Zapp's Potato Chips

by Don Boudreaux on March 11, 2005

in Food and Drink

In the first 1992 presidential debate, then-candidate Ross Perot famously quipped "you make more making computer chips than potato chips." This clever little phrase was part of Perots explanation for why America needed a high-tech-focused industrial policy (my term) to handle the demise of the cold-war defense industries.

I typically respond with two observations to people who insist on the intrinsic merits of computer chips over potato chips.

First, Id rather eat potato chips than eat computer chips but I admit that potato chips dont work as effectively in my laptop computer.  Second, Herman Lay founder of Frito-Lays made a fortune producing potato chips.

Here’s another chip entrepreneur whose story is interesting: Ron Zappe.

Zappe founded Zapps Potato Chip Co. in 1985. It was successful from the start, today employing 100 people at its plant in Gramercy, Louisiana (which is about half-way between New Orleans and Baton Rouge) and producing 150,000 bags of chips per day. Zapps chips are now the number two selling snack food in Texas and Louisana.

I’m pretty sure that Mr. Zappe is a wealthy man.

He once worked for Ingersoll-Rand and then started a few companies selling oil-field equipment. That industry went south in the mid-1980s when oil prices plummeted. His companies followed suit.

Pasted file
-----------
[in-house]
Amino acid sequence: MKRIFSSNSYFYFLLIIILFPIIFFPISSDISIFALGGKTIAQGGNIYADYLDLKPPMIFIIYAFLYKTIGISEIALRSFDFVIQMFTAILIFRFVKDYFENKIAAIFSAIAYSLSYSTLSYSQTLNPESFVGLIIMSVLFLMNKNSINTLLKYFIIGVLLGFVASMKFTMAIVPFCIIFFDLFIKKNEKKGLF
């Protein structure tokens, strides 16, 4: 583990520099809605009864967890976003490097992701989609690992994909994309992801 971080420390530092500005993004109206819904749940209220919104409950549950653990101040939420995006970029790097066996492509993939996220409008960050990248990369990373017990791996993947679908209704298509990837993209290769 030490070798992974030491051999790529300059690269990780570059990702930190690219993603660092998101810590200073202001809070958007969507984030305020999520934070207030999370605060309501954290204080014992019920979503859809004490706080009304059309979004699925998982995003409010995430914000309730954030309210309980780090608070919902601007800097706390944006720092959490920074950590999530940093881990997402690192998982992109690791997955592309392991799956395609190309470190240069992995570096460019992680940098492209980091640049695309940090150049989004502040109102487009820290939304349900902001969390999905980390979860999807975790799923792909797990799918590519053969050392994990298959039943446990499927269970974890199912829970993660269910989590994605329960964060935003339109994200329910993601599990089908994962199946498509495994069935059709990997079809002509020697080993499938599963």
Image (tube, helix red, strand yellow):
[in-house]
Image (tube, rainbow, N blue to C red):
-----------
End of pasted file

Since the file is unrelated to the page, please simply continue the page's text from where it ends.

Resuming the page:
What’s a guy in his early 40s to do?

Ron Zappe used his creativity and energy to start a company producing Cajun-spice potato chips – gourmet chips, even, as some (including moi) insist.

Zappe built his Gramercy, LA, plant in 1985 in a building recently vacated by an automobile dealership. Gramercy was then filled with laid-off oil and gas workers.

This is one, relatively modest example of the market’s vibrancy. Had huge subsidies poured in from Washington to keep south Louisianas oil-and-gas firms artificially profitable, Ron Zappe might today still be peddling the pumps he peddled before moving into chips. Would he have been better off? Maybe, but probably not.

But I for one would have been worse off. Being a New Orleans native, I discovered Zapp’s chips just after they first hit the market. I love them. I absolutely adore them. Theyre spectacular. Were it not for the fall in the prices of oil and gas, and the consequent release of resources (including Mr. Zappe) from the energy industry, I and other fans of Zapps chips would be all the poorer.

I thank my long-time friend Kerry Dugas for alerting me to Ron Zappe’s story.

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